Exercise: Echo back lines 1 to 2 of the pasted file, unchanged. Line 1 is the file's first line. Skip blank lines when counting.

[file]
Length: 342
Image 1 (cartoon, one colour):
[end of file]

Length: 342
Image 1 (cartoon, one colour):